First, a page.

"Normal people" come out with comments like "Everyone gets anxious about exams". And I'm not saying that they're wrong. However a person without the actual psychological condition called anxiety is highly unlikely to get into a state where they can't function because they've lost one specific notebook, and it's 5 am, and they've been looking for an hour, and their partner is urging them to give up and work on something else in the meantime. And - get this - they even have all of the information contained in that notebook in other notebooks which aren't lost.

But they can't stop looking because there's a misfiring neuron in their brain which won't let them concentrate on anything else except the fact that the notebook is lost and so they don't have the material to look over and so they're going to fail the exam.

Yeah. That's just not a thing which happens to people who don't have anxiety. Parts of it, maybe. But the whole irrational chain of catastrophe? No.

It actually turned out not to be the end of the world at all because in rewriting the notes, I realised something that I hadn't worked out before, and now if they ask about it tomorrow I'll be prepared. But I could have done without that sort of episode of stress.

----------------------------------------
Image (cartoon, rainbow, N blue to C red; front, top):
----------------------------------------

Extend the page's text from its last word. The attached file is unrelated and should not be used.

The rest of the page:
I feel fairly prepared now, but I don't like the idea of the time I need to get up in the morning. The exam is at 1.30pm, so I need to be on the 11.48 am train to make sure I have loads of time in case of, I dunno, snow. I REALLY don't think it's going to snow but my mother insists it's on the forecast, so getting up super-early in case the trains are more screwed up than usual it is. Urgh. My hair feels absolutely horrible but I do not have the spoons to wash it. It's do the exam with dirty hair or have clean hair and be too tired to function. Really, they are not examining me on my hair.

In related news, it turns out that the reason why my Department hasn't been following my Individual Student Support Agreement (ISSA) for the past year-and-a-bit was because they didn't have it. Somebody screwed up. I even know who the somebody was, but it's pointless yelling about it now. However, that was a big load of stress on Tuesday which I didn't need! The College is now using something else instead of an ISSA so I have to make an appointment with the Disability Office to get that sorted out, but not before tomorrow.